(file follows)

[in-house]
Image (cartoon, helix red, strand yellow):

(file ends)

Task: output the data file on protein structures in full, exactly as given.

[in-house]
Image (cartoon, helix red, strand yellow):